• As you feel the escalator about to level off, begin moving forward while enthusiastically saying “ready, ready… let’s go!” Allow your dog freedom to move forward on a fully loose leash.
  • As you step off, keep your leash loose. This allows your dog the freedom to focus on its exit. A tight leash will interfere with your dog’s exit. The safest way to manage the exit plate is to let your dog deal with it.
  • Walk forward enough to clear the escalator exit area, allowing your dog to move out in front of you. Praise your dog!
  • Bring your dog into heel position. You may want to offer a food reward. Praise your dog for a ride well done.

Escalator Technique – Heeling to Board / Working off to Exit


  • Locate the moving hand rail with your right hand and praise the dog.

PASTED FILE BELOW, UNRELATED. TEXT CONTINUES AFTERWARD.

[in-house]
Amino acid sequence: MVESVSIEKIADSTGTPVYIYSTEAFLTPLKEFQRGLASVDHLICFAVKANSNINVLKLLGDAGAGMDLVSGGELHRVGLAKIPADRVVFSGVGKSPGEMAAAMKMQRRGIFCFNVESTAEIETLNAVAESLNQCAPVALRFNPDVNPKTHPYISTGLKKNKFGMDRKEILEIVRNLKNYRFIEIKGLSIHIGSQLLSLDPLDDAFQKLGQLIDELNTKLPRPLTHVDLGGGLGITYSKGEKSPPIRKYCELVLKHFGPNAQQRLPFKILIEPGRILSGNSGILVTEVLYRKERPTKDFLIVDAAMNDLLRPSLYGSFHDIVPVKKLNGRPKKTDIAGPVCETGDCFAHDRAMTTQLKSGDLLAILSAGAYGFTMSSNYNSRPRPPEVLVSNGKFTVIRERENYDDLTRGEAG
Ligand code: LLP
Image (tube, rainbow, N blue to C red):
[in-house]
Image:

• Set the harness handle down. Hold the leash short and very close to your dog’s collar with your left hand low, near your dog’s neck.
  • Locate the edge of the moving stairs using either your left or right foot.
  • Pause before boarding. This ensures that the steps in front of you will be clear of pedestrians.
  • Say “let’s go” as you step onto the escalator and praise your dog.


  • After boarding, place your right foot either on the same step as your dog’s front feet or on the step ahead of your dog, whichever is most comfortable for you.
  • With your left hand, pick up the harness handle and put your leash away (place under your left index finger). Calmly praise your dog.
  • Extend your right arm as far forward on the handrail as is comfortable and grasp with your right hand.


  • As you feel the handrail begin to level off, give the verbal cue ‘forward’.
  • Work forward off the escalator and onto the next destination (another escalator, entry / exit door, stairs, clothes rack, cashier counter, etc.).